The UK’s first community-led capercaillie conservation strategy is being discussed in an effort to help save the endangered species.
There are now fewer than 1,000 capercaillie left in Scotland, with the equivalent of one being lost every day for the last 40 years.
Around 80 per cent of the birds are to be found in Strathspey and local action is seen as critical to preventing their extinction in the UK.
To that end, the Carrbridge Capercaillie Conservation Strategy has been published and is now out for consultation, with residents having the chance to be at the forefront of efforts to save the species.
The consultation, which is open until July 31, has been delayed due to the pandemic and the Carrbridge Capercaillie Group (CCG) is keen to support a wider project across the Cairngorms National Park, for which a National Lottery Heritage Fund grant is being sought.
Issie Inglis of CCG said: “We hope that lots of our fellow villagers will take the time to read the conservation strategy and share their views.
“As a group we have worked extremely hard and our hearts and souls, along with over 1,000 volunteer hours, have gone into producing this strategy.
“We know from previous research that the Carrbridge community cares passionately about capercaillie, so now is the time to start to put plans into action.”
The strategy is part of the Cairngorms Capercaillie Project, an initiative that aims to improve habitats and help deliver community-led action plans throughout the park.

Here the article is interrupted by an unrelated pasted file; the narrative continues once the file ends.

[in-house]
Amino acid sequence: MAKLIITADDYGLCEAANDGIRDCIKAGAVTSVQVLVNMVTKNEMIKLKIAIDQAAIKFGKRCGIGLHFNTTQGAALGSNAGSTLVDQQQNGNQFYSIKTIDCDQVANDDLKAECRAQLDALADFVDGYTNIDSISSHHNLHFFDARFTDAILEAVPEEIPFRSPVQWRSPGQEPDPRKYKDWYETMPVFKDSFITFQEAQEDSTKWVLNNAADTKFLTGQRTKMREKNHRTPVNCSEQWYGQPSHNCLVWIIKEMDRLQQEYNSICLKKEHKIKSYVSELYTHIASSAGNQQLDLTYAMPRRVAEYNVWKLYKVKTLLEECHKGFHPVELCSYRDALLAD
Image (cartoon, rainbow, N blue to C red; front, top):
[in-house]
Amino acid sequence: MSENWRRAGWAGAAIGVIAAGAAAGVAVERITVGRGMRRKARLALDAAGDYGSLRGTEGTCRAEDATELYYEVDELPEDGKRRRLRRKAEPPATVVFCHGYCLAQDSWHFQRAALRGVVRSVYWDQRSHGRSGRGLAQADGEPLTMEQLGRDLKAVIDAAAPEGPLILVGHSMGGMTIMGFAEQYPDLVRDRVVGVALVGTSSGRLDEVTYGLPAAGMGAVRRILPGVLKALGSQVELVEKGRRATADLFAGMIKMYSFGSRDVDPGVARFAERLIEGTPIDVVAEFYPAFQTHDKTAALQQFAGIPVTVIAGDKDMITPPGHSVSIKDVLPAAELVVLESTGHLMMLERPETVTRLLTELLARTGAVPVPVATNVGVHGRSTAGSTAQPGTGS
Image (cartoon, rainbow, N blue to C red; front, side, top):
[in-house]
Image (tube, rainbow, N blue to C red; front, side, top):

If awarded Lottery funding, the project will research the genetic diversity of the bird, strengthen current capercaillie monitoring, raise awareness of the plight of capercaillie and encourage people to get involved in their conservation.
Grant Moir, chief executive of the Cairngorms National Park Authority, said: “The applied-for project budget will go straight back into the local economy, to make things happen at a time when the local economy really needs help.
“Capercaillie numbers are dangerously low and the Cairngorms National Park – particularly Strathspey – is the last remaining stronghold.
“Carrbridge residents were given the opportunity to be a pilot community in the development phase of this project and I think the local group have done an excellent job in getting to this stage.”
Capercaillie numbers have fallen for a variety of reasons, including lack of habitat, low productivity, predation, collisions with unmarked deer fences and human disturbance.
The Cairngorms Capercaillie Project aims to improve over 24,700 acres of habitat for capercaillie across the national park.